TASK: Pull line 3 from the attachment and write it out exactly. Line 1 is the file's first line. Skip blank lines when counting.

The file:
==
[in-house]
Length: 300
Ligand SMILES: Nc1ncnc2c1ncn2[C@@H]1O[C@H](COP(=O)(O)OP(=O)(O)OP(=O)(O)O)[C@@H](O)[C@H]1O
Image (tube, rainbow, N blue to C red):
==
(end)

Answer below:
Ligand SMILES: Nc1ncnc2c1ncn2[C@@H]1O[C@H](COP(=O)(O)OP(=O)(O)OP(=O)(O)O)[C@@H](O)[C@H]1O